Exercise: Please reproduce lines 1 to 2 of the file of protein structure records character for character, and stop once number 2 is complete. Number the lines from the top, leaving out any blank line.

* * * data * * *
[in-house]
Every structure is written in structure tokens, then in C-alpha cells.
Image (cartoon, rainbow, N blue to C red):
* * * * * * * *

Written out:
[in-house]
Every structure is written in structure tokens, then in C-alpha cells.